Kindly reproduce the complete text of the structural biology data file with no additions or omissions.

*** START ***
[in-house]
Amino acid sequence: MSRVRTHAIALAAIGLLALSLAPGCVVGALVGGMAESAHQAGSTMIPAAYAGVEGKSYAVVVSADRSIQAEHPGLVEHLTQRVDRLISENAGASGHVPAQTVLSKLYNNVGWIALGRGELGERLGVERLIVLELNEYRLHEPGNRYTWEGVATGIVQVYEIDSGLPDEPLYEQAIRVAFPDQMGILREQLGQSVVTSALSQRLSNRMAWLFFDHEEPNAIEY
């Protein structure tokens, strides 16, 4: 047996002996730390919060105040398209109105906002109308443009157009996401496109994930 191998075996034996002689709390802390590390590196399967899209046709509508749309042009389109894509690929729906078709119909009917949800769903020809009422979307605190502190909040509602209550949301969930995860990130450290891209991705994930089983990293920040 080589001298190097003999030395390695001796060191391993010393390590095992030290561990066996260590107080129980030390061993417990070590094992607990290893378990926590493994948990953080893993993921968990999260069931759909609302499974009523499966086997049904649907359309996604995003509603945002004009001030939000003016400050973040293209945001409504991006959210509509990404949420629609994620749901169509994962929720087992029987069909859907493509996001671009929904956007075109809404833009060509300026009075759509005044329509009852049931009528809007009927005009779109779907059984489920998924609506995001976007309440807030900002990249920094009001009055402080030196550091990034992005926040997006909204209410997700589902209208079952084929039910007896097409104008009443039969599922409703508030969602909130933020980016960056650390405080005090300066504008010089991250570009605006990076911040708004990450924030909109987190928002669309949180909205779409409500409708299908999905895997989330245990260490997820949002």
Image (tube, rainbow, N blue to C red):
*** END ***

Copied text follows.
[in-house]
Amino acid sequence: MSRVRTHAIALAAIGLLALSLAPGCVVGALVGGMAESAHQAGSTMIPAAYAGVEGKSYAVVVSADRSIQAEHPGLVEHLTQRVDRLISENAGASGHVPAQTVLSKLYNNVGWIALGRGELGERLGVERLIVLELNEYRLHEPGNRYTWEGVATGIVQVYEIDSGLPDEPLYEQAIRVAFPDQMGILREQLGQSVVTSALSQRLSNRMAWLFFDHEEPNAIEY
């Protein structure tokens, strides 16, 4: 047996002996730390919060105040398209109105906002109308443009157009996401496109994930 191998075996034996002689709390802390590390590196399967899209046709509508749309042009389109894509690929729906078709119909009917949800769903020809009422979307605190502190909040509602209550949301969930995860990130450290891209991705994930089983990293920040 080589001298190097003999030395390695001796060191391993010393390590095992030290561990066996260590107080129980030390061993417990070590094992607990290893378990926590493994948990953080893993993921968990999260069931759909609302499974009523499966086997049904649907359309996604995003509603945002004009001030939000003016400050973040293209945001409504991006959210509509990404949420629609994620749901169509994962929720087992029987069909859907493509996001671009929904956007075109809404833009060509300026009075759509005044329509009852049931009528809007009927005009779109779907059984489920998924609506995001976007309440807030900002990249920094009001009055402080030196550091990034992005926040997006909204209410997700589902209208079952084929039910007896097409104008009443039969599922409703508030969602909130933020980016960056650390405080005090300066504008010089991250570009605006990076911040708004990450924030909109987190928002669309949180909205779409409500409708299908999905895997989330245990260490997820949002």
Image (tube, rainbow, N blue to C red):